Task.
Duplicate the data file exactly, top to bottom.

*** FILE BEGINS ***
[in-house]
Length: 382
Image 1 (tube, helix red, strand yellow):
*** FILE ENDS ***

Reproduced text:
[in-house]
Length: 382
Image 1 (tube, helix red, strand yellow):